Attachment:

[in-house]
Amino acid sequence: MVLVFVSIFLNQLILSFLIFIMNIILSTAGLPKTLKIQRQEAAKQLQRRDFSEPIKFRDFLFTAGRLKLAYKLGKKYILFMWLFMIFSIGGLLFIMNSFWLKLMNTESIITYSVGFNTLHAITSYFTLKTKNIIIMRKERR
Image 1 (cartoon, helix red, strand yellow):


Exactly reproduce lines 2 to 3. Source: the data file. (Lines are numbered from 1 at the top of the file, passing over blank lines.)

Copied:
Amino acid sequence: MVLVFVSIFLNQLILSFLIFIMNIILSTAGLPKTLKIQRQEAAKQLQRRDFSEPIKFRDFLFTAGRLKLAYKLGKKYILFMWLFMIFSIGGLLFIMNSFWLKLMNTESIITYSVGFNTLHAITSYFTLKTKNIIIMRKERR
Image 1 (cartoon, helix red, strand yellow):